Let's assume that you've bulked up to the point where your general appearance is smooth rather than defined, and your waist and hips are getting just a little too big for good proportions. If you've been training properly, most of you should be at this point by now.
What you're going to do is trim the extra weight off your waist and hips and cut your body weight until you look hard and solid all over. You won't reach a highly defined state, just looking solid is good enough at this point. You'll hold this solid look for about two months and then start bulking up again.
The key point to remember is that you don't want to lose weight all over. You certainly don't want to lose any muscle. All you want to do is trim your waist and hips. Any loss of fat off your arms and legs should be compensated for by increased muscle in those areas. The end result should be that your muscular measurements remain the same or increase slightly while your waist and hips reduce drastically.
If you do this properly, you can look for a revolutionary change in your appearance. You'll take on a polished, highly trained look. If you train hard and diet conscientiously your appearance will change practically from day to day. You'll improve more in two or three months than you would in two or three years of normal training. Do this several times and you'll own an outstanding physique.
Remember - this isn't the end of your bulking up. You'll start highly advanced bulk and power training again after you harden up. Each time you trim down to a solid condition you'll start up again from a greatly improved base. Each time you bulk up you'll be able to carry a lot more body weight without looking sloppy.
The hardening process, as I said earlier, will be accomplished by an altered training routine and the definition diet. We'll start with the diet.
The secret of the diet is this - eliminate carbohydrates. Not reduce them. Eliminate them. Eliminate them completely.
There are several diets around - the Air Force diet, the drinking man's diet, etc. - based on the idea of reducing your carbohydrate intake to 55 or 60 grams per day. I'm not talking about that. I mean eliminate carbohydrates completely while you're on the diet.
You don't cut calories. You don't even count them. You don't restrict the amount of food you eat. You simply don't eat any carbohydrates at all.
So much for what you don't eat. Let's talk now about what you do eat.
You can eat beef. All you want. Steaks, roasts, hamburger, boiled, fried, chipped, dried, corned, raw if you like it that way, short ribs, sweetbreads, tongue, tripe. Any kind of beef you like and as much as you want.
You can eat pork. Chops roast, sausage, ham, bacon, spareribs. Eat all you want.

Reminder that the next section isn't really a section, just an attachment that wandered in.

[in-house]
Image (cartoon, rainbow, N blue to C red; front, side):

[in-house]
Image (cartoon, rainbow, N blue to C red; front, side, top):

You can eat poultry. Chicken, turkey, goose, pheasant, duck. Fry it, roast it, any way you like it.
You can eat most seafood. Salmon, fresh or canned. Catfish, codfish, flounder, halibut, haddock, pickerel, mackerel, tuna, herring, perch, shad, sturgeon. trout. Clams, lobster, crab, shrimp, mussels. Squid, if you can gag it down.
You can eat lamb if you want. Or veal if you like it. Butter, eggs, bulk cheese. Frog legs if they appeal to you. Caviar, if you can afford it.
You can eat rabbit, mutton, unsaturated oils, and black tea or coffee.
As you can see, the foods without carbohydrates, with the exception of the tea and coffee, are mostly protein and highly nutritious. They're also fairly high in calories. You'll stay well nourished on the definition diet. Your energy level will stay high and there'll be none of the discomforts that go with a straight low calorie diet.
Some people find the diet a bit monotonous after a while. That's something you'll just have to put up with. Actually, if you're imaginative enough, the diet can be quite varied and very satisfying.
Let me give you some sample menus:
Breakfast - Ham or bacon: All you want. Eggs: As many as you like, boiled, fried, poached, scrambled, it doesn't matter.
Lunch - Alaska black cod: Boiled. Pour melted butter over it and eat all you want. Black tea.
Supper - Steamed clams: Drink the nectar and eat as many as you like. Steak: The biggest one you can afford with a side order of spareribs. Bulk cheese. Black coffee.
Remember that condiments and sauces are classed here as carbohydrates.
Don't eat between meals. Eat enough at mealtime and you won't have to.
You don't have to eat the most expensive cuts of meat. The cheaper cuts re just as good. Play around with various combinations of food. You should be able to come up with enough interesting meals to keep boredom from setting in.
Take protein, vitamin-mineral, some form of wheat germ oil, and supplements. Get the best quality you can afford. You'll find enough variety in the supplements listed in this magazine to fill the bill quite nicely.
Don't fudge on the supplements. They're very important. Take the protein in the recommended amounts. Take the vitamin-mineral and the oil in three times the recommended amounts.
The carbohydrate free diet, like running, is a new wrinkle among weight trainees. It's now widely known yet. Don't waste any time getting on the bandwagon. Start the diet tomorrow and see the results for yourself.
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Live The Code 365,
Peter Bolsius says
Great article Zach. I have an old set of Strength & Health from the 40s and 50s. They are great. Long before the time of “chemical assistance”. The physiques are just different. Some of the best gains I ever made as a teenager and into my mid 20s (I’m now 55) were from the old John McCallum articles. Simple, brutal, working on the basics. Keep up the good work.
Zach Even - Esh says
Peter, how many young Strength Coaches have NO clue who John McCallum is!
They have never read those old magazines and books, which are GOLDEN!!!!